Editor’s Note Episode 17: Black Anthology

| Staff Writer

This year, the Edison Theater was empty on the weekend of Washington University’s annual Black Anthology production, and audiences all over the world watched BA from their laptops. Freshman Charlotte Kramon talked to two members of the Student Life staff who contributed to BA in major ways: Forum Editor sophomore Jamila Dawkins, who wrote the play, and Senior Cadenza Editor and Social Media Director junior Sabrina Spence, who served as the production’s stage manager. Freshman Kamala Madireddi edited this episode’s audio. Copy Chief JJ Coley wrote our theme music.

“Editor’s Note episode 17: Black Anthology” can also be found on Spotify, Apple Podcasts and Soundcloud.

The transcript of the episode can be found below. It has been lightly edited for clarity:

CHARLOTTE KRAMON (0:10-1:20) Every year, Washington University students gather at the Edison Theatre for the sold out Black Anthology performances. Audience members cheer as their friends on stage convey complicated themes and reveal exciting surprises. This year, needless to say, the Edison Theater was empty on the weekend of Black Anthology, or BA for short. Instead, audiences all over the world watched BA from their laptops on Saturday, March 13th.

I’m Charlotte Kramon, and you’re listening to Editor’s Note, Student Life’s weekly podcast breaking down our biggest stories with the reporters and editors that covered them.

I talked to two members of the Student Life staff who contributed to BA in major ways this year. Forum editor sophomore Jamila Dawkins wrote the play, while Senior Cadenza Editor and social media director Sabrina Spence served as the production’s stage manager.

Dawkins noted that, although the pandemic certainly affected the production, BA’s executive board did not want the show to be about COVID-19.

JAMILA DAWKINS (1:21-1:52) The show is a product of a pandemic, but it’s not a pandemic play. Because, partly, we kind of just felt like people might not want to watch a pandemic play after experiencing a pandemic all the time. And also, we just felt like it was a good time to really tackle issues of identity and love and kind of put on a play that is more rooted in self discovery and not so much, I guess, more traumatic experiences.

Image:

CK (1:53-1:54) Spence agreed.

SABRINA SPENCE (1:55-2:25) Yeah. So, I think going into it, all of us really wanted to create a play that was authentic to the Black Anthology experience as it would normally be… The people that I’ve talked to about the show have had nothing but positive things to say about it and how we did not shy away from the fact that we are in a pandemic, but that wasn’t the story. And I think that’s what people have really been attracted to in watching the show.

CK (2:26-2:39) In addition to being marked by the COVID-19 crisis, 2020 was a monumental year for the Black Lives Matter movement. So, how did the rise in activism affect the direction of the show?

SS (2:40-3:05) I think, this year, we really wanted to go a little less heavy, just because of everything that was going on, and how we were all being affected by everything that was heavy in the news and in politics. And BA has done heavy, heavy shows before. Like, we’ve talked about some stuff. And I think this year, we just really wanted a little break from that.

CK (3:06-3:12) Speaking of heavy times, Dawkins started writing the play at the end of last year’s spring semester.

JD (3:13-3:25) It was definitely a really strange time. But it’s also like, it can be cathartic, I think, to pour yourself into work when everything is kind of collapsing around you.